Only a sketch of the algorithms is provided hereinafter, because in this work, a number of algorithms are used, and it is neither possible nor useful in this paper to go into a more thorough explanation. In the case of interest, the authors have indicated links to the relevant literature for detailed information.

2.2.1.1. Support vector machines (SVM)

A support vector machine (SVM) [23] is very effective, supervised, machine learning method for various machine learning tasks. It is specific by using kernel trick-nonlinear mapping used to transform the original training data of a nonlinear problem (which is also our case) into a higher dimension. Herein, SVM learn a nonlinear function indirectly and easier: they learn a linear function in the space induced by the particular kernel, which matches to a nonlinear function in the original space.

The next important concept in SVM methodology is to fully ignore small errors. In SVM, bounds for regression are set by defining the loss function that ignores errors, which are situated within the distance ε of the true value. This type of function is called epsilon insensitive loss function. As a consequence, good generalization of SVM is gained, because not all the input vectors of data are used, but only the so-called support vectors, which are training samples that lie outside of the boundary of the ε-tube.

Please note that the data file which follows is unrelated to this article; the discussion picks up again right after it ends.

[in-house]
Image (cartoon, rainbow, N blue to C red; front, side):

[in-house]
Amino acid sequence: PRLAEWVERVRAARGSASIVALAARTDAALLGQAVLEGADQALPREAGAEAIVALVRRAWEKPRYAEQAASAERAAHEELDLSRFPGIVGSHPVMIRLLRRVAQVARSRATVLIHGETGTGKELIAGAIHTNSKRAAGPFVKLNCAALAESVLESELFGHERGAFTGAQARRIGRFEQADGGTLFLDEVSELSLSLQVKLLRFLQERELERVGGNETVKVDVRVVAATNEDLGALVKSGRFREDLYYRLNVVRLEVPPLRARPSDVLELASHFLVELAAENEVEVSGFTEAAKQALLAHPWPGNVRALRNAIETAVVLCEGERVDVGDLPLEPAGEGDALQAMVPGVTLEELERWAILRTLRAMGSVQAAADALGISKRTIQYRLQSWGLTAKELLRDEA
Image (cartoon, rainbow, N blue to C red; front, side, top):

In this chapter, the ε-SVM model was created by: (1) choosing a radial basis kernel with parameter sigma = 0.0005; (2) specifying the ε parameter to be equal to 0.1 and (3) specifying the capacity C = 10.5. All parameters were found by a grid search.

Multilayer perceptron (MLP).

Artificial neural networks (ANNs) are the most popular and well-known data-driven methodology; it has been described and is available in various literature sources, e.g. [24]. Briefly summarized, a multilayer perceptron, the most commonly used type of neural network, which was used also in this work, consists of input, hidden and output layers, all of which contain some processing elements or neurons. Input and output layer contains as many neurons as the model has input, respectively output variables. The so-called learning involves determination of number, types and particular properties of neurons in hidden layer. This layer is used for the transformation of the inputs to the outputs. A type of ANN known as a multi-layer perceptron (MLP), which uses a back propagation training algorithm, was used for generating the flow predictions in this study. The number of neurons in a hidden layer was found by a grid search and is equal to 6. Neurons with a logistic activation function were used in the hidden layer and with the linear activation function in the output layer.

2.2.1.2. Random forest (RF)